TAOP: Other Learnings – Exposure Issues
December 28, 2011
After posting my assignment pictures on Flickr and adding to the OCA group on there, I got some feedback regarding the exposure of a couple of my images. Essentially they were underexposed and it was suggested I review the Histograms for the images to recognise this and to allow me to make adjustments as appropriate. Having never looked at Histograms I had no idea how to interpret what I was seeing.
I found the following tutorial which has helped me understand this:
I’ve summarised what I’ve learnt from this below:
Histograms essentially show you how many pixels of an image are at different tonal points (tone is the intensity of colour/light within an image). On my camera these appear as an RGB Histogram and a separate Exposure Histogram. The scale runs from 0 to 255 on the tonal axis. 0 is ‘little’ 255 ‘lots’. The higher the graph, the more pixel of the image are within that tonal range. So, on an Exposure Histogram a peak towards the left of the graph (nearer to 0) would mean there are a large number of dark pixels. A peak towards the right of the graph (nearer to 255) would mean there are a large number of white pixels.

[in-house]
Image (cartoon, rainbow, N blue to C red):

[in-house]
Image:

A Histogram’s appearance will depend very much on what you are shooting – shooting something with a lot of contrast may well show peaks towards either end of the graph. Shooting a more balanced scene with less contrast would tend to show a more even distribution, with a peak more towards the mid-point of the graph for the mid-tones.
A quick and dirty example of the Exposure Histogram on the back of my camera is shown below:
There are a lot of dark tones here – from the black on the TV, speakers and media stand (and various black boxes) – so the Histogram is reflecting this with a peak toward the left-hand-side. There are some mid-tones from the browns and other colours – hence the smaller peak in the middle of the graph. Finally, the cream paint for the background is shown by a series of peaks toward the right-hand-side of the graph. I think in this example the image is slightly under-exposed, with detail lacking in the black regions due to the lack of contrast provided by under-exposing the image.
I’m going to leave the Histogram on in my camera for a while so I get used to interpreting it to ensure pictures are properly exposed.